Two people with similar brain changes that may give rise to dementia can have very different disease manifestations… we think that a holistic understanding of overall health and social environments will contribute to solving this puzzle. Dr. Melissa Andrew
There is a pattern that is “unmistakeable” in the clinic, and yet unexamined in studies and trials. According to Dr. Melissa Andrew, individuals who have many medical, functional, and social problems are at an increased risk of developing dementia, and also tend to have a more severe disease course.
Advancing research in this area is complicated by the fact that the patients seen by physicians in clinics tend to be “older, more women than men, socially vulnerable, and have functional difficulties and many overall health problems.” By contrast, the people in trials and studies tend to be selected specifically for “not having other things wrong,” Andrew explains.
While selectiveness makes sense from a practical standpoint – in that it gives researchers increased clarity on the effects of what is being tested in a study or trial – it also, and regrettably, excludes the “true face of dementia” by leaving older, frailer people with multiple medical conditions, out.
The CCNA will play a crucial role in revealing the true face of dementia. Through the consortium, Dr. Andrew and her team will learn:
(1) Why does having many things wrong (“multi-morbidity”) increase the risk and severity of dementia?
(2) What can we do to reduce the risk and severity of dementia?
(3) How can healthcare providers better manage the symptoms and other medical conditions that coincide with dementia?
So far, Dr. Andrew’s team has collaborated with the Women, Gender, Sex, and Dementia cross-cutting program of the CCNA, to ensure that the Clinical Cohorts (Platform 1) are collecting the type of information that is needed to better understand a full picture of participants’ medical and functional issues (to answer questions about multi-morbidity), and how sex and gender influence dementia.
Although still in the preliminary stages of their research, Dr. Andrew suspects that a major factor in increasing the risk of dementia, and the severity of the disease course, is an individual’s capacity for repairing damage to bodily systems. It stands to reason that the more damages an individual has to their system on the molecular level, the more likely their repair capacity will be diminished by being overworked. Even feelings of being able to deal with stressors as they arise can impact the risk and severity of dementia. Social environments, stress hormones, immune system function, health behaviours associated with socioeconomic status, as well as access to resources all play a role in an individual’s repair capacity, according to Dr. Andrew. In a word, “the more supportive a person’s social environment is, the better they can tolerate demands and damages to their system.”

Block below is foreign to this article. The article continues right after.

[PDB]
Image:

Dr. Andrew’s approach is aligned with a growing conversation about the need to develop holistic treatments for dementia at the early stages of the disease – treatments that take account not only of each individual’s physical condition, but also their environment and life circumstances. What is unique about Dr. Andrew and her team’s project is their guiding belief that in considering “non-traditional” risk factors for dementia, and considering them together rather than one at a time, they will come closer to understanding how real dementia arises, its manifestation, and how to best identify and treat it.